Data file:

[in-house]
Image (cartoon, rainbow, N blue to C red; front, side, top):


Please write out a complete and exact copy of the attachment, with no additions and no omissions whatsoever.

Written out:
[in-house]
Image (cartoon, rainbow, N blue to C red; front, side, top):